Thursday, November 22, 2012

Golden matrices

I noticed if you alternate between multiplying between these two matrices B and C:

Then when you multiply by the [1,1] vector you end up with a vector of successive terms of the Fibonnaci sequence. If you do more and more multiplications before finally multiplying by [1,1] you will get closer and closer to the golden ratio. 

If you instead of [1,1] multiply the resulting matrix by something else such as [2,15]:

Note that the resulting vector's x and y value are still in the golden ratio. 

Wednesday, November 21, 2012

Dependent suspension

I thought of this idea for the frame of a bike or a car that is designed so when you go over bumps the frame stays as level as possible.

Sorry for the poor drawing but it is basically a suspension that links the front and back wheels up and down motion in reverse, so when the front goes up relative to the frame the back extends relative to the frame so overall the frame stays at the same inclination. 

Monday, November 12, 2012

$ and # operators

I'm considering an operator that looks like this:

This grid means for instance 9$3 = 33 and 3$9 = 33 and 3$(-9) = -33 and -3$(-9) = 33 and -3$(9) = -33 etc. In general:
a$b = b$a =(-b$-a) = (-a$-b) =  -(-b$a) = -(b$-a) = -(-a$b) = -(a$-b)

An interesting feature is that c = a$b for a unique pair of a and b. For instance 30 is 6$7 or -6$-7 and there is no other way to produce 30 from a pair of a and b, aka b and a.

The operation is transitive over addition:
a$(b+c) = a$b + a$c

but it is not commutative:
a$(b$c) != a$(b$c)

a$b is not  f(a,b,+,-,*,/)
simply because x$x = x^2 and x$0 = x
the only polynomial with rational coefficients that equals x^2 is x^2 itself and x*0 is 0 not x.

So in a way f(a,b,+,-,*,/,$) extends the usual algebra.

Every positive integer can form a binary tree like this:
30 = 6$7
but 6 is 2$3 and 7 is 1$5
2 and 3 are both 1$2 and 1$3
the 1's can be removed.

Two obvious extensions of the idea are to define $ over the rationals which looks to be possible as $ has nice continuity properties, for instance it is always increasing in the a and b directions. Also to make another operator say, #, that acts as the inverse of $. for instance (a$b)#a = b and (a$b)#b = a.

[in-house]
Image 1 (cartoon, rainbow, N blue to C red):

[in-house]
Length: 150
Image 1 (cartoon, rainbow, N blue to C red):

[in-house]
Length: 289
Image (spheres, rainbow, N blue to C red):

Saturday, November 10, 2012

Force ratios in Parametric Kinematics

Suppose you have you a part of a machine is following a parametric curve in space...
And another part is following a different curve in space...
The force ratio is just the ratio of the magnitude of the derivatives of both curves. 

Starting with a simple example... 
Say something is connecting a part of a machine moving from A to B and another part moving from C to D. The machine happens to be a ramp and a rope but a ramp is just probably the simplest machine. The two motions can be parameterized like so:

The distance from C to A is 30.06 and we'd like that distance between the two points on the curves to stay constant so...
Now we can solve for s in terms of t. 

Now R becomes:
The magnitude of the derivative of this equation is:
And the magnitude of the derivative of Q is 5. 
Since the output speed is slower, at 96%, the force on the object on the ramp has increased, via the action of the ramp as a machine. This means that it would require more force to stop the part of the machine from going along R then it would to stop the part moving along Q. 
Another example:
In the last blog post I calculated the motion of P4 for a crank length of 1 and a Coupler length of 5 to be:
Of course R2 is parameterized as:

The derivative of the first is: 
in the y direction and 0 in the x direction. so this is also the total magnitude of the derivative. 
The magnitude of the derivative of B is:

So the ratio of the two is:

A graph of it looks like:

Friday, November 9, 2012

Parametric Linkage Kinematics

Considering a machine like this:
As the point on the unit circle R2 goes around the block P4 slides up and down in it's channel.